US Chamber of Commerce-funded claims RapidShare.com, Megavideo, and Megaupload, represent 21 billion of the more than 53 billion visits to “digital piracy” sites each per year, and that these traffic statistics prove they are profiting at the “expense” of the American creative industries and the govt needs to enact the Combating Online Infringement & Counterfeits Act (COICA) to fight the “problem.”
The US Chamber of Commerce has once again managed to not let the facts stand between it and a good story, taking a totally meaningless traffic study purporting 53 billion visits to so-called “digital piracy” sites each year, and saying the number “exposes the staggering scope” of illegal file-sharing.
In Traffic Report: Online Piracy and Counterfeiting, anti-fraud firm MarkMonitor said it “worked to identify a sample of rogue Internet sites that are responsible for trafficking counterfeit and pirated goods” in order to “illustrate the nature of this illicit ecosystem and, using publicly-available traffic information on the number of visits, determine its scope.”
Using “publicly-available Internet traffic data from Alexa,” MarkMonitor ranked the number of visits to each site and compiled a list of the worst offenders by category – digital piracy and counterfeit goods.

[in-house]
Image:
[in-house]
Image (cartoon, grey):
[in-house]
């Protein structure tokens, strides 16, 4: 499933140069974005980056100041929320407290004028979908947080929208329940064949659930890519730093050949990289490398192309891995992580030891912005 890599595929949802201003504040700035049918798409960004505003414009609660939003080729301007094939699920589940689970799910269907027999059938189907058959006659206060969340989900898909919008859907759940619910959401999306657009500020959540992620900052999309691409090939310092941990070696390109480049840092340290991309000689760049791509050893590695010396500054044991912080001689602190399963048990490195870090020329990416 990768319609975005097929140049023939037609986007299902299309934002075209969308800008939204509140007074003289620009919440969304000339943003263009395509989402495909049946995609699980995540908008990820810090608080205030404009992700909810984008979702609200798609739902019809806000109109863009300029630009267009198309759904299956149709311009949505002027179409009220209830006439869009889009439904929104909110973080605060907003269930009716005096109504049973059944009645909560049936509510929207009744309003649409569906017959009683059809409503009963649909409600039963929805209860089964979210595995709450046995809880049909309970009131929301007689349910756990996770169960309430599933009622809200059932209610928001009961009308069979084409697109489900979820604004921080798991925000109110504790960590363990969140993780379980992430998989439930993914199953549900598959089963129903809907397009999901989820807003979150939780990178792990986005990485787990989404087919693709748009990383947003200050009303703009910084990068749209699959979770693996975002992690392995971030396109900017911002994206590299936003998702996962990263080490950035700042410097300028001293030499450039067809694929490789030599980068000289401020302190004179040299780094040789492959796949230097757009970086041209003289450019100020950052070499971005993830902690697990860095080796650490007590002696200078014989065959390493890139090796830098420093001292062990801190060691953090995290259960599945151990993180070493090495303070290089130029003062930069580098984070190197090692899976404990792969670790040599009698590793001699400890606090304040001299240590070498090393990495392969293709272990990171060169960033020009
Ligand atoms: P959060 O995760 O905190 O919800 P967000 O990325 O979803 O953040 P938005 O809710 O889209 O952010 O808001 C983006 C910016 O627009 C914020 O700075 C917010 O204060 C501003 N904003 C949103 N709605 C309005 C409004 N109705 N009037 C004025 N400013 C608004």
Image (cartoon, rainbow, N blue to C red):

“In total, the 10 media brands in the study yielded 43 unique sites classified as ‘digital piracy,’” reads the report. “Traffic generated to these sites was over 146 million visits per day, representing more than 53 billion visits per year.”
It says the top-three “digital piracy” websites were RapidShare, Megavideo, and Megaupload, and that they collectively generate more than 21 billion visits per year, but what does this even mean?
Nobody knows for sure what number of visits to the sites were legal or illegal. , and the number varies further by country. Noncommercial file-sharing is legal in Spain, for example, but not in the US.
Furthermore, MarkMonitor’s classification for “digital piracy” oddly includes sites the like three aforementioned because they don’t prevent users from uploading copyrighted material.
“While some of these sites do offer takedown processes for pirated content, the action must be initiated by the content owner,” laments the report.
RapidShare explicitly says on its site that it “will immediately block such [copyright infringing] contents after being notified of them and delete these files after an inspection phase of 14 days.”
The policy is in compliance with the same sort of DMCA takedown notice guidelines followed by other sites in the US, and yet it’s still classified as a “digital piracy” website?
The same goes for Megaupload and Megavideo, each observing the same takedown notice guidelines.
Yet, the US Chamber of Commerce that funded the bogus study is trying to use it as an opportunity to indicate “rampant traffic of online counterfeiting and piracy.”